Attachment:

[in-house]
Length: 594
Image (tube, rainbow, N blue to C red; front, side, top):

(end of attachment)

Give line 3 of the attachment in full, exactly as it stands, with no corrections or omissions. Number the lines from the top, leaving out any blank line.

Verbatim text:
Image (tube, rainbow, N blue to C red; front, side, top):